on beach


By Sarit Z. Rogers

“I was the one who was forgotten,” she said.

I had just received another disturbing, gaslighting message from my mom. More shaming, lies and delusion tossed at me like a baseball lobbed toward a player with his back turned.

I am tired.

It’s exhausting to process this much hate thrust upon me by someone who is “supposed” to love me, care about me and be kind to me. By someone who is supposed to be someone I can lean on in times of trouble. Of course, those are merely things I assume to be the norm. In my case, and in my family of origin, this is not the norm.

Parenting is a difficult job: it requires unrequited love and compassion, patience, sacrifice, dedication and care. When my son was born, I made a promise not to repeat the experiences I had with my mother.

Despite my promise, I found myself stuck as most abused kids are: hoping for love and care, stuck hoping for a parent to—well, parent me. I was perpetually under stress, both because my mom was overbearing and creating drama and because of the abusive relationship with my ex. Still, I did everything I could to protect my son.

I loved him so completely that I finally got away.

I asked for help from my father, who told me that I had “asked for it,” and “probably pissed him off” when I relayed the story of the abuse I was dealing with. I was truly alone but I was determined to get out.

To get free.

To protect my son.

I was diagnosed with PTSD. It explained the debilitating panic attacks, the night terrors, the flashbacks and my shot-out nervous system. It all started to make sense. And once that happened, I was able to get help.

I started to meditate, I got back on my mat and found safety in my yoga practice again. I learned to lean in. I learned that compassion was not only for others, but also for myself. I learned that in order for me to care for my son, I had to touch the dark, sticky spaces in my heart and hold my wounded self with compassion and care.

That was eight years ago.

I have since dedicated my life to helping others. Compassion has become a practice that I do every single day. My relationship with my son is one of the most precious aspects of my life.

My relationship with myself is on par.

I have a husband that sees me and supports me; loves all of me—even the messy parts. I teach yoga to adolescents; I teach to those whose suffering is unimaginable; I volunteer and help others who have far less than I do.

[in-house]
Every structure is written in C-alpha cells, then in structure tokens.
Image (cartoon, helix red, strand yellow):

I remember what it was like to be the “other.” I intimately know the hurt. To be able to hold space for those who continue to be seen as “other” is an honor.

But back my mom. I often ask myself what makes it so hard for me to send her the same compassion and care I would to the sick and dying, or the traumatized?

I was the one forgotten when you called me a cunt at 5 because of your untended anger and trauma.

I was the one forgotten when you allowed a homeless man to live with us and chose him over me.

I was the one forgotten when you brought different men home, many of whom hated children.

I was the one forgotten when your friends told you they didn’t like children and you chose to spend time with them anyway.

I was the one forgotten when your homeless “boyfriend” tried to strangle me and you defended him.

I was the one forgotten when you repeatedly told me of all of your abortions as though I was the one who should support YOU.

I was the one forgotten when you went behind my back and told my friends I was a horrible person.

I was the one forgotten when you blamed me for my ex-husband’s sexual abuse, telling him how awful I was.

I was the one forgotten when you sabotaged my relationship with my step-daughter for your own gain.

I was the one forgotten when you showed up at my son’s school and told them you didn’t think I would pick him up, even when I had never failed to do so.

I was the one forgotten when you would have sex at the same time I was leaving for school, forcing me to walk by you on my way out.

I was the one forgotten when I was suffering from anxiety and depression because of your neglect and untended mental illness.

I think I know now. I think I understand. With each interaction, I am retraumatized. She places blame where it doesn’t belong. When I see her, I am kind—I am non reactive, but I feel sick inside. My heart hurts; the tears burn as they slide down my face.

I am the one who needs compassion.

She does too, but not from me. That is the truth. It hurts and I sometimes forget that I am not invincible.



Sarit RogersSarit Z Rogers is a Los Angeles based photographer, writer, yoga teacher, body image advocate, activist, and co-founder of the LoveMore Movement. She has photographed the covers of 21st Century Yoga, Yoga PhD, and Yoga and Body Image. Her images have been featured in several magazines including Mantra, Yoga Journal, Lira, Sweat Equity, Revolver, and more. Her writing has appeared at Visions Adolescent Treatment Centers, Elephant Journal and the Yoga and Body Image Coalition’s blog.

Sarit’s writing is from the heart, raw, and stems from a life of recovery and survival. She writes from a place of resilience, cracking her heart open one word at a time. With over 20 years in recovery, Sarit appreciates the reparative nature of a consistent yoga and meditation practice. Yoga is like medicine—it is a modality that allows the practitioner to move through their difficulties with pause and sensitivity, applying what is necessary to heal the wounds within.
Sarit teaches a trauma sensitive vinyasa flow to high-schoolers, middle schoolers, private clients, and small groups. She can be found online on her photography site,  www.lovemoremovement.com, and her yoga website. Find her on Twitter and Instagram.



Photo: browndresswithwhitedots/tumblr

Editor: Dana Gornall